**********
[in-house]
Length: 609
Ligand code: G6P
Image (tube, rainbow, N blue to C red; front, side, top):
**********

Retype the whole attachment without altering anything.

[in-house]
Length: 609
Ligand code: G6P
Image (tube, rainbow, N blue to C red; front, side, top):